About Us

The Middle Grades Collaborative (MGC) is committed to improving education for young adolescents. We are a collaboration of colleges and universities specializing in professional development for middle school educators. Designed for aspiring and practicing teachers of 10-15 year olds, our organization offers a week-long summer Middle Grades Institute and an accompanying day-long January Conference. We host the Middle Grades Review, an open access journal for scholars and practitioners; the Middle Grades Conversations  for educators who want to stay current with middle grades teaching practices; online modules for self-paced and collaborative learning; and other relevant resources for effective middle grades practice. Join us! 

Collaborating Institutions

  • Castleton University
  • Northern Vermont University
  • Saint Michael’s College
  • The University of Vermont

Land Acknowledgment

The Middle Grades Collaborative respectfully acknowledges the traditional homeland of the Winooski People, whose unceded territory is the place that many faculty members in the Middle Grades Collaborative reside or work in. The Winooski People are one of the twelve Wabanaki family bands that were living in this region when the boundary line between Canada and the US was agreed upon in 1783, leaving Wabanaki people living on both sides of the border and caught in the middle of someone else’s war and boundary decision. We recognize the longer history of this place, which reaches far beyond colonization, and its significance for the Indigenous peoples who lived and continue to live upon this territory. We also recognize that acknowledgement alone is insufficient and commit to elevating indigenous peoples and perspectives through our work.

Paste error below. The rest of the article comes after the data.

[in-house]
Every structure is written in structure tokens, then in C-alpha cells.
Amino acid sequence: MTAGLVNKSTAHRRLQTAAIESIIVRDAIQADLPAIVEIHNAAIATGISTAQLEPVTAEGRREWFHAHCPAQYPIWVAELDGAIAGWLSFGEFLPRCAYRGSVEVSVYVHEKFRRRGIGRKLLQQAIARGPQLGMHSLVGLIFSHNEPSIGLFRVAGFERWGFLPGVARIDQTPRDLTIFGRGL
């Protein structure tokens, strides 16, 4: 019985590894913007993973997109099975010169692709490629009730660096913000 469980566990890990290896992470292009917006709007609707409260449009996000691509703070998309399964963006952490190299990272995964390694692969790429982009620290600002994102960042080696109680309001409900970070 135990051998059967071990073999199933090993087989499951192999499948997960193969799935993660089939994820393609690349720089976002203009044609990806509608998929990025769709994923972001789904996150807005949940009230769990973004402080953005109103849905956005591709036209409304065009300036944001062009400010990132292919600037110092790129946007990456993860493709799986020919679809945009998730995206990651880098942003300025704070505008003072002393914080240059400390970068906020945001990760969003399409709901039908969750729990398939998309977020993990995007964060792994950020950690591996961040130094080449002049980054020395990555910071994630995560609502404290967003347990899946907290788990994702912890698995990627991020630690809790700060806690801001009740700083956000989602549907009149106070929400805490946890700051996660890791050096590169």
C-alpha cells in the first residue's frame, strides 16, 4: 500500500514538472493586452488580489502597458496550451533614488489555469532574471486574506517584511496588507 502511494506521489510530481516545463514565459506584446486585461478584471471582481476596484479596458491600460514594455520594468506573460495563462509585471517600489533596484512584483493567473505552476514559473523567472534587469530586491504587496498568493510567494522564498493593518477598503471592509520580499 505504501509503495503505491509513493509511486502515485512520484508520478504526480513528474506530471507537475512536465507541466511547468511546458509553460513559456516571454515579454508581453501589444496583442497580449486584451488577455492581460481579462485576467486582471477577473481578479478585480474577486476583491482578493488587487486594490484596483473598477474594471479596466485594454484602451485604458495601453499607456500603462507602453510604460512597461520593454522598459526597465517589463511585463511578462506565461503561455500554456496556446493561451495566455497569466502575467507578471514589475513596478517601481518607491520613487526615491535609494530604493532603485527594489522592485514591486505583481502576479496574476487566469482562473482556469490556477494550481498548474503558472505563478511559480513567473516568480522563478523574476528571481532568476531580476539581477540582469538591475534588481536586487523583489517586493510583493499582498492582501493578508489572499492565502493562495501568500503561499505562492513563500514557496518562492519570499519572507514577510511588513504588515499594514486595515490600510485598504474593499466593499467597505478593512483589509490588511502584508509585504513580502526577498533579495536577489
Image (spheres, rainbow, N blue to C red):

Anti-Racism and Social Justice Commitments

We acknowledge our shared responsibility to work toward a better tomorrow, one in which there is justice toward those who are oppressed within our country and around the world. We commit to work toward dismantling unjust and oppressive educational systems via the following:

  • Examining our organization to identify and disrupt how white supremacy shows up within it.
  • Engaging in antiracist education and learning to further our own development.
  • Supporting educators and school leaders to identify and disrupt white supremacy in our school systems.
  • Advocating for educational policies that disrupt discriminatory practices that disproportionately harm black students.
  • Teaching about and through antiracist pedagogies and educational structures.
  • Prioritizing the perspectives, practices, and policies that achieve these commitments in our organization’s journal, conference, and institute.